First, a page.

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Last Updated: Thursday, 30 June, 2005, 11:23 GMT 12:23 UK
Jo'burg streets: Sibongiseni's story
As G8 leaders meet to discuss poverty in Africa, BBC News Website looks at the plight of the continent's homeless youth.

Sibongiseni
Sibongiseni, 17, lives in a shelter for girls in Berea, an inner-city Johannesburg neighbourhood.

She attends the New Nation school, which provides classes especially for homeless children. After school she regularly visits the Thembalethu care centre, which found her a place at school and supports her education.

I was living with my family in Thembisa, with my mother and my stepfather. They were physically abusing me, always insulting me.

I wasn't coping in school. I ran away to Jo'burg this year.

I lived for a while with a friend, who then took me to a shelter in Berea called The House.

It's not easy to stay there.

It hurts me to stay there with children who were raped. I coped with them because I taught myself that to kill myself would be no good.

The first time it was not easy but now we treat each other like sisters.

We have discussions at night about why we came to the shelter. Sometimes you realise that someone needs help.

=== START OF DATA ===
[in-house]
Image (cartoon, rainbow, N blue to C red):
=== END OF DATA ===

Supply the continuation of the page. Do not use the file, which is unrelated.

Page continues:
We appreciate and guide each other - treat each other like sisters.

When I was living at home they would never give me time to study
Sibongiseni

The people I live with - the caregivers - they understand what I like, and I take them like my parents. They appreciate us in a good way.

When I was still at home I was thin, now I'm fat. I'm no longer crying - no one is beating or insulting me. If I do wrong, we sit down and discuss it and I apologise.

I'm at the New Nation school. It's good. I'm not stressed, and I'm always happy with friends there.

When I was living at home they would never give me time to study. I had to look after my younger brother and sister and clean twice a day - and even when I did this my mother was never satisfied.

Since I left I have phoned my mother once just to say I'm around - they don't know where I am. I am thinking of going to visit them, but it will be hard for them to understand.

Here at Thembalethu I get to meet girls who live in different shelters, and we eat different food. We get education about how to take care of ourselves and behave.

I'd like to study chemical engineering. I can also write poems and I'd like to ask for the help of someone like (the South African poet) Mzwakhe Mbuli.





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